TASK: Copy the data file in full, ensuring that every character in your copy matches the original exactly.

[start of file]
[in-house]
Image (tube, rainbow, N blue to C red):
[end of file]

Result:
[in-house]
Image (tube, rainbow, N blue to C red):